Monday, 16 July 2018


At work and participating in some sort of festival (to do with American Indians - though our office is not dressing up - and I am at the head of our people chain). Ess Tee - seemingly frozen in a perpetual sarcastic kinda hang-dog expression - is part of our group. I can see guys, dressed 100% as per the cliche movie Indians, flooding from the doorways and entrances of offices around us, all heading for some central tower. The front guy of every group is dressed up. As I am not in costume I decide to affect an exaggerated and stuttered hop from one foot to the other, arching over and mimicking (but not actually making) the classic "woo woo woo!" Indian sound with my hand and mouth. I sense my hopping is increasingly out of time and misjudged, the rest of the chain doing their best to copy my movements. Aware of the lines and lines of people converging on the central tower. Do we divert? Or am I distracted? But suddenly I am in a queue and presented with a huge plate/tray of food drowned in a thick, red, salsa-esque sauce. I should know the food I am being handed - it's meat, I'm sure - but it looks like donuts of some sort underneath-

"I cannot believe it's been a year", I say. I am really obsessed on this point, repeating it out loud and in my head over and over. I just cannot understand how the gap between festivals (?) is a year and it seems I'm repeating the experience immediately. As I'm thinking and trying to discuss this-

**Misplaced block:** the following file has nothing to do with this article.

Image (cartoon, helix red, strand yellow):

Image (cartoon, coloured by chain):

I'm on a bike - but am I jangling keys in my hand? - cycling out and about in a typically Stranger Things suburban outskirts-meets-rural area. Two(?) other kids are cycling up ahead of me. I feel I'm still struggling with, and arguing, the notion that it cannot have been a year. It's not possible for time to pass so quickly. Suddenly this kid called Arge, in classic skinny white tee and immaculate styled bowlcut, and myself are on the one bike having decided to take a shortcut or make our own way. Oddly, as we slowly traverse the rough, mossy, damp terrain ahead of us, the ground covered in a fine coating of browned pine needles, he seems to be underneath the bike's frame, looking up at me and talking to me from under the wheels. I tell him to watch his head on the wheels as we negotiate a particularly humpbacked peice of ground, worried that he'll be squashed. Quickly the POV is up very close to the ground - almost as if it's some sort of 'front wheel cam' - as we negotiate the hill. See the wheel easing its way over the grass with considerable effort. We pass a knife - I know instantly it's a knife though it's retracted and in a neat black leather slipcase with a silver keyring at one end. It's stark and black, crisp and neat against the damp grass. Then creep past very slowly, gingerly passing a sharp-featured, clean-cut youth - the knife owner - asleep on his back. So very close as we inch by in 'front wheel cam' mode. Notice he is very clean shaven but for a single hair, about a centimetre long and dark, growing out from between the underside of his nose and top lip. Once we are past we look back, a wider shot, and he sits up on his elbows and challenges us, mentioning using his knife against our "shitty penknife"-

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